For one thing the genetic material in such samples can be degraded, crosslinked, or in low quantities. Of all these problems, the biggest issue is getting sufficient quantity of quality DNA for sequencing. Numerous studies have found that these types of samples are difficult to work with and often provide very low success rates for gene sequencing studies. Clearly, fresh frozen samples provide much better results, but they are also much harder to obtain.

In response, our team has developed the WXNC SeqPlus FFPE extraction method, which provides substantially improved coverage compared to traditional methods and even approximates the results obtained with fresh frozen samples at 10X depth, with similar numbers of heterozygous and homozygous calls.

We tested SeqPlus in a study that comprised 516 tumor-normal pairs (i.e., 1,032 samples) that had been stored for 3 to 6 years. The targeted sequencing depth was 30X for the normal tissue and 70X for tumor tissue. The starting amount of DNA was 400 ng. The results were excellent, with SeqPlus delivering a coverage analysis just about 1% below what the fresh frozen control samples achieved. Further, a comparison of our analyses to results from the TCGA, using fresh frozen samples, showed striking similarity. These study results give us confidence that SeqPlus is a new “power tool” for FFPE sequencing studies. This webinar describes the process.

Sequencing reads of a sample prepared by the traditional whole-genome sequencing workflow for fresh-frozen samples and data generated using the SeqPlus whole-genome FFPE method. The green and purple indicate reads sequenced in the forward and reverse directions, respectively, and yellow represents bases with non-reference sequence. The center of the image shows a C to A mutation in each of the tumor samples.

Another area of great interest at WXNC is artificial intelligence (AI). We have been pioneers in AI for pulling novel insights out of massive multiple datasets. Leading this effort is Tom Chittenden, our Vice President of Statistical Sciences, Founding Director of the Advanced AI Research Labs, and a Lecturer on Pediatrics and Biological Engineering at Harvard Medical School and MIT. He also spoke at the breakfast series.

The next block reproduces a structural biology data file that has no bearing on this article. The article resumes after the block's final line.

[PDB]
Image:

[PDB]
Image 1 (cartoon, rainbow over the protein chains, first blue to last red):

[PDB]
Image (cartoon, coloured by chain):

Our AI capabilities improve the tools we have and expand their capabilities. For example, using our AI tools, we can improve functional annotation of missense variants to an accuracy of >99%, integrate multiple types of data to discover new genes and elaborate pathways, and improve tumor subtype and drug-response classification accuracy by combining DNA- and RNA-seq, among other data types. These tools can be used for such varied purposes as target discovery, drug repurposing, and defining responders and non-responders in clinical trials.

We’ve already helped to develop breakthrough results, such as identifying an intriguing new target for both cardiovascular and cancer drug discovery. We’ve also classified breast and lung cancer subtypes with 97% to 100% accuracy, classified 8,200 tumors of 22 TCGA cancer types with >99% accuracy, and discovered a completely novel pan-cancer molecular survival signature.

The power of our deepCODE AI tools is in part thanks to a novel, causal statistical-learning method and deep-learning classification strategy. But another advantage is that they were built on our global platform for genomic data, which underpins the majority of the world’s largest genomics efforts and includes all major global reference databases. Our database stores, manages, and integrates any type of genomic data and correlates it with phenotype, ‘omics’, biology, outcome, and virtually any other type of data that may be relevant to a particular medical challenge.